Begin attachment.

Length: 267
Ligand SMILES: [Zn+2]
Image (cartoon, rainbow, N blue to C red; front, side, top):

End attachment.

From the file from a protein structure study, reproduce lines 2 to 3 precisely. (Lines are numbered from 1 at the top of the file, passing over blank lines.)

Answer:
Ligand SMILES: [Zn+2]
Image (cartoon, rainbow, N blue to C red; front, side, top):